Between the opening of the election filing period and the meeting of the Board of School Committee in Manchester yesterday, there wasn’t a dull moment to be had and we have a busy news read.
Manchester Mayor Ted Gatsas filed papers to run for a fourth term. In doing so, he issued a statement saying he was quote “proud of all that we have accomplished to build a better Manchester” and that quote “(W)e have worked hard to improve education here in Manchester; we have improved public safety for our citizens; we have maintained a vibrant local economy and we continue to invest in city infrastructure.” End quote. Gatsas said he was running again to build on a record of success and to continue to find solutions for the challenges that lie ahead.
Also filing were three announced challengers who had something of a differing view of the mayor’s performance over the past six years and the state of the city.
Former Ward Twelve Alderman and mayoral runner up Patrick Arnold issued a statement last night saying he was running quote “because the people of our city deserve better than the status quo and business as usual at City Hall.” End quote. Interestingly, he said quote “Over the last several years especially, our city has suffered from the timidity and ineffectiveness of the current administration” and intimated Gatsas was responsible for out of control drug activity and violent crime. Arnold also seemed to take a swipe at the other challengers saying that quote “While others will offer merely the illusion of change, I will be advocating for authentic change to meet our city’s challenges head on.”
In filing her mayoral candidacy, Ward One Alderman Joyce Craig said she was running for mayor because quote “Unfortunately, over the past six years our city’s growth has stalled under Mayor Gatsas’s poor leadership. Our schools are in worse shape, the drug epidemic is escalating, our roads are deteriorating and our infrastructure is outdated, yet the Mayor has put forth no concrete plans on how to tackle these problems.”
Jawed Alibaba Shaikh also filed for mayor yesterday. He said the city needed to be transformed by new visionary leadership to reach its potential.
Several candidates filed for lower office and there will be a primary for aldermen in wards One, Ten and Twelve. Zoning Board Chair Bill Bevelaqua, Richard Higgins and Andra Rosa filed for alderman in Ward One. Alderman Bill Barry, Highway Commissioner Ray Hebert and newcomers Alexandria Knox and Michael Jedidiah Tocci filed in Ward Ten. In Ward Twelve, Alderman Keith Hirschmann, former City Clerk and Welfare Commissioner Leo Bernier and Joel Elber filed for alderman. We’ve written a story with the complete list of yesterday’s filings on Oh My BLOG! at Girard at Large dot com and linked to it from this newscast.
News from our own backyard continues after this.
Last night’s meeting of the Manchester Board of School Committee was disconcerting on a number of levels. The meeting hit a very sour note when Ward Nine Committeeman Art Beaudry publicly accused Ward Eight Committeewoman Erika Connors of divulging confidential personnel information to the parent of a non-renewed teacher. Beaudry said the woman in question called him after talking to Connors and alleged she’d said her daughter was often tardy to class, had poor classroom management skills and that she wouldn’t want her children in her class.
Livid, Connors said she had spoken with the woman but told her that she had no information on why the teacher was non renewed because it was a personnel matter that hadn’t been shared with the board. She said she merely gave the woman who called examples of why a teacher might be non-renewed but in no way implied they applied to her daughter. It was clear that Beaudry tried to ambush Connors on the matter at the meeting and, frankly, it came across as the low blow it really was. It was one of the lowest thing’s I’ve seen in public life.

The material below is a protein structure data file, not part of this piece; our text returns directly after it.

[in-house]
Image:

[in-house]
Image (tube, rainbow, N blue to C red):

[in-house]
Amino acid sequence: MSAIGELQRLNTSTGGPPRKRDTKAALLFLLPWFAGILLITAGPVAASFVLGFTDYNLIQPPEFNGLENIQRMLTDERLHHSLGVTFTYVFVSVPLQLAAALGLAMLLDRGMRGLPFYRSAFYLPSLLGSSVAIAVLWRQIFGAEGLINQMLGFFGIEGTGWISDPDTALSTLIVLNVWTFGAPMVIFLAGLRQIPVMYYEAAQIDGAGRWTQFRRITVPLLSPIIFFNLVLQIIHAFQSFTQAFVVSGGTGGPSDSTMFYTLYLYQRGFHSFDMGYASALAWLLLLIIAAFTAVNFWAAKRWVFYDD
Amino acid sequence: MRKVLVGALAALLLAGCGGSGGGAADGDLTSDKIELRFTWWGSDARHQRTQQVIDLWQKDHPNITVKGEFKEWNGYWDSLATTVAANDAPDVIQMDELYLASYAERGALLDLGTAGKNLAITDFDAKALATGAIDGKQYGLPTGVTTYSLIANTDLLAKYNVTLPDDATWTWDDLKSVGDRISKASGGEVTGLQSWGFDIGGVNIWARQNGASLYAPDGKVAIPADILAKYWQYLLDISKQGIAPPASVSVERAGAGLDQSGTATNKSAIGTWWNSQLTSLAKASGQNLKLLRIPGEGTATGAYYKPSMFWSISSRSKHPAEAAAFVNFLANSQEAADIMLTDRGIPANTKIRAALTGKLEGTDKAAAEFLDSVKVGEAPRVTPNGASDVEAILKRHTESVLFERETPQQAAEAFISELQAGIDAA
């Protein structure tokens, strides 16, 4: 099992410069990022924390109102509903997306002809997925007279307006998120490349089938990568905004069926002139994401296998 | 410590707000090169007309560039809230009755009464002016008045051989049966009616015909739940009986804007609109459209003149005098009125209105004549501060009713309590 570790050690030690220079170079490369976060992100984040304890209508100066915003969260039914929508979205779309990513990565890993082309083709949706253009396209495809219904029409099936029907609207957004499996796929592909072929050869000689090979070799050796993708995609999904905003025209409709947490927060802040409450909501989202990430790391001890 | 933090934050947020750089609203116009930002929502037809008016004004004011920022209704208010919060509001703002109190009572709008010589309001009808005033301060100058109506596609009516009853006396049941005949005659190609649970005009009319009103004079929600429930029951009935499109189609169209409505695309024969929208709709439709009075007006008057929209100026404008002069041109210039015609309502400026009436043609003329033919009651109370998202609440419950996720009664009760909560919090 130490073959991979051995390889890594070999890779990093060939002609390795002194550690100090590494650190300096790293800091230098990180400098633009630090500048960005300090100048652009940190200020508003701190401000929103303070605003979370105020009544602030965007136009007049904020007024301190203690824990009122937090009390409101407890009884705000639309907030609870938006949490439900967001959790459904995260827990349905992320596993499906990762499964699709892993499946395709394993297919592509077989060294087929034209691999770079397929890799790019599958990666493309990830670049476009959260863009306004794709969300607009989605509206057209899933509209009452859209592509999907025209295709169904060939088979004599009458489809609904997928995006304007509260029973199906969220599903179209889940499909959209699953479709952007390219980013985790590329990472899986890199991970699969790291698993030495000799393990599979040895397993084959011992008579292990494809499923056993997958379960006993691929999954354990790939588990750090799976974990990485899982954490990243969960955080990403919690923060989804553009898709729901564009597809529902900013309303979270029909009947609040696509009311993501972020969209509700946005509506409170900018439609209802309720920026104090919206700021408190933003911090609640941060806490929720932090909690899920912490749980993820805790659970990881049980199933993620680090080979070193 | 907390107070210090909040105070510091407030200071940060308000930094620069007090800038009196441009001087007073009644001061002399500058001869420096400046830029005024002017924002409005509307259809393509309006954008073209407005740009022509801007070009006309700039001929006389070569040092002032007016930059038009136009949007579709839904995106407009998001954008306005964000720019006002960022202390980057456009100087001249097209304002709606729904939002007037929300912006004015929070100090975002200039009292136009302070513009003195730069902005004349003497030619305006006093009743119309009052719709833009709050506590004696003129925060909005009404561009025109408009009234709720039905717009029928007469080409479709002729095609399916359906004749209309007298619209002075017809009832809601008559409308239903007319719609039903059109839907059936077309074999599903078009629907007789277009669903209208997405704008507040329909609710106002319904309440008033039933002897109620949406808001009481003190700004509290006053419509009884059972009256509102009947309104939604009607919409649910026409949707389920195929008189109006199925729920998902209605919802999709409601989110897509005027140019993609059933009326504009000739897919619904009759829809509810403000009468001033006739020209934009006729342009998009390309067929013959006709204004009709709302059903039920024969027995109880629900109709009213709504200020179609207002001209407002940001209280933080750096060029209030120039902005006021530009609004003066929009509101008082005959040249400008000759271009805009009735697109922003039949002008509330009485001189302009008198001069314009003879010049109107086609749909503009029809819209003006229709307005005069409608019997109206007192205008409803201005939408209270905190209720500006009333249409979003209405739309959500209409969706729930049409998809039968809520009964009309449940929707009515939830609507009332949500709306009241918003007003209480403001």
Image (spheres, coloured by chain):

Later in the meeting, Ward Two Committeewoman Debra Langton moved to start a superintendent search. She said it was in the best interest of the district to see who a search might find. The contract for Superintendent Debra Livingston is an annual one and Langton apparently wanted to see if there were better alternatives before Livingston’s contract comes up for renewal. Only Langton and Beaudry supported the motion, with appointed at-Large member Nancy Tessier interestingly abstaining on the vote.
Following that vote, Mayor Ted Gatsas asked for a vote of confidence in Livingston, which passed with Beaudry opposed and Langton abstaining. All of that came after Langton read off a laundry list of legitimate items that she and other board members had been awaiting information on going all the way back to March of this year. Apparently, Livingston’s answer as to why the board’s questions and requests for information hadn’t been answered wasn’t satisfactory. She blamed end of year workload, busy people and vacations for their failure to produce the information. Frankly folks, that was a biiiit of a stretch. Anyway, Livingston said several of the items would be reported on at the next meeting.
In other news, the board voted to hike school lunch prices by a dime to avoid having to cover the revenue the increase would generate to the program out of general funds. Seems the feds want the district to charge cash paying customers more money to close the gap between what non-free and reduced hot lunch kids pay and what the feds pay for free and reduced hot lunch. They also voted to enable the administration and Gatsas to negotiate with the vendors who submitted bids to open a kitchen at the Parker Varney School. And, after a tedious discussion, they voted to table pay raises for the district’s non-affiliated employees, who years ago, altered their health benefits and tied their pay raises to the Consumer Price Index.
That’s news from our own backyard, Girard at Large hour ___ is next!